The Garden Patch: Pruning trees and shrubs; improve songbirds’ habitat – Osage County Online | Osage County News

The Garden Patch: Pruning trees and shrubs; improve songbirds’ habitat

052514-garden-excericiseI have been asked (many times) why I studied horticulture in college. The answer is simple – I didn’t – at least not at first. I completed a Master’s Degree in Economics in 1971 (after I’d been out of college for 10 years) and got interested in the Master Gardner program 13 years ago – and it’s been a natural for me! I’ve always gardened, but now I get to help others – what a blessing! ‘Nuf of that! Let’s get on with the business at hand…growing trees and shrubs. Ready? Set. Go!

When do we prune trees? (Depends on why you’re pruning). Winter or early spring can see structural problems. In the spring and summer we can locate dieback. Fall is only to repair storm damage. Wounds heal slowly and a lot of fungal spores are created.

Where to prune is more important! Cuts should be back to a vigorous side shoot or…cut back to just outside the branch collar. NEVER allow topping, stubbing or heading back. DO NOT leave stubs – they heal very slowly or result in abundant sprouting. Also, flush cuts make overly large wounds and expose trunk to decay.

Young shade tree pruning. Prune little if any at time of planting. Remove a few of the lowest branches beginning in year 1 or 2. Take off largest non-permanent branches first. Remove double leaders, taking out the weaker side or fork leaning north.

Selecting scaffold branches (choose carefully, to last 100 years!) First branches of shade trees should be 7’ high on the south side. Choose other branches for even distribution 8” to 12” apart. Select wide-angled branches. Selected branches should be no more than half the diameter of the trunk.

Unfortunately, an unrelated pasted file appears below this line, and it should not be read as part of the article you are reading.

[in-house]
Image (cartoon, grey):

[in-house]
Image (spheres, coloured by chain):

Tree wound treatments. (Overall, not necessary). Healing is related to diameter growth, keep tree vigorous and the wound will heal more quickly. Wound shaping and trimming are not effective. Brushed on dressings are for appearance only – they do not help the tree.

Spring flowering shrubs (like Forsythia, Lilac, Crabapple, etc.) Prune immediately after flowering …Why? Due to the timing of formation and location of the flower buds. Pruning from midsummer to early spring removes newly set flower buds.

Summer flowering shrubs (Hibiscus, hydranges). Prune in late winter. They generally respond to fertilizer and watering and needs abundant new growth to produce flowers. You can pinch new shoots and do corrective pruning during the growing season.

Common shrub pruning errors. Repeated shearing at same level – most shrubs benefit by having a few older canes removed each year. Keep the base of the shrubs as wide as the tops.

Rejuvinating shrubs (done when specimens have become overgrown). Cut back entire shrub to 3-inch to 5-inch stubs in late winter. Use caution when working grafted individuals, cut back to just above the graft.

Songbirds and cover. They benefit from dense, shrubby cover near food sources that provide secure nesting sites – evergreens provide the best thermal cover. Unmowed vegetation (weeds and prairie grass) provides seeds, insects and cover. Another item they seek is sunflowers – many new ornamental varieties grow from 3 to 10 feet tall and provide safe feeding for birds.

Songbirds and vines and shrubs. They like vines like grape, honeysuckle, trumpet creeper, and Virginia creeper as well as shrubs such as cotoneaster, hawthorn, dogwood and the plums.

Hummingbirds and orioles (need nectar: most trumpet-shaped or tubular flowers). Such as: salvia, morning glory, petunia and nicotiana for annuals and for perennials they prefer hollyhock, beebalm and butterfly weed.

Songbirds and trees. For nest sites they prefer large trees for suspended nests for orioles, cavities for bluebirds and chickadees. For food, they like hackberry, persimmon, cherry and mulberry.

Butterflies (For nectar, similar to hummingbirds). Complete habitat needs foliage for larvae to feed on (Monarchs and milkweeds). Protected places for metamorphosis, damp soil or very shallow water areas and a limited use of insecticides.

OK! That’s it for the birds, bees and weeds! Next we’ll gossip about the neighbors – or – we can probably find something more interesting like getting back to vegetables. We’ll just have to wait and see! Have a great week and I’ll look forward to “seeing” you again soon. Hope you are well and happy!

stevehallerSteve Haller, of Osage City, a K-State Research and Extension Master Gardener, writes The Garden Patch, featuring gardening ideas and tips for gardeners in northeast Kansas. In his words: “I am not a horticulturist. By education I am an economist. By experience, I am a marketing guru from a local to an international scale. Gardening was taught to me by my grandfather and my mom, and I’ve been doing it since World War II was going on.”

Steve can be contacted at, or leave questions or comments below.

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